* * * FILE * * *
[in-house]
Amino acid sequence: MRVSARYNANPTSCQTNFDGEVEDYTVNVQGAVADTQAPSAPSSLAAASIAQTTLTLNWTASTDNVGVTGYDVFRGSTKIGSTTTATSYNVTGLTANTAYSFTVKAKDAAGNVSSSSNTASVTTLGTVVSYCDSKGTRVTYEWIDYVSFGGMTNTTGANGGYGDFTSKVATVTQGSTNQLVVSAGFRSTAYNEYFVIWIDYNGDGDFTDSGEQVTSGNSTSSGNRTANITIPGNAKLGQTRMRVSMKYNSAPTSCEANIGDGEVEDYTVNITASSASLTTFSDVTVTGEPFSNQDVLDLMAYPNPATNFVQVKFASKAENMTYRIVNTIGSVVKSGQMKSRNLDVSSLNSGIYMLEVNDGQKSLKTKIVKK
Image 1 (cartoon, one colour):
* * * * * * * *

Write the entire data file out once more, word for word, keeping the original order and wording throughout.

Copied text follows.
[in-house]
Amino acid sequence: MRVSARYNANPTSCQTNFDGEVEDYTVNVQGAVADTQAPSAPSSLAAASIAQTTLTLNWTASTDNVGVTGYDVFRGSTKIGSTTTATSYNVTGLTANTAYSFTVKAKDAAGNVSSSSNTASVTTLGTVVSYCDSKGTRVTYEWIDYVSFGGMTNTTGANGGYGDFTSKVATVTQGSTNQLVVSAGFRSTAYNEYFVIWIDYNGDGDFTDSGEQVTSGNSTSSGNRTANITIPGNAKLGQTRMRVSMKYNSAPTSCEANIGDGEVEDYTVNITASSASLTTFSDVTVTGEPFSNQDVLDLMAYPNPATNFVQVKFASKAENMTYRIVNTIGSVVKSGQMKSRNLDVSSLNSGIYMLEVNDGQKSLKTKIVKK
Image 1 (cartoon, one colour):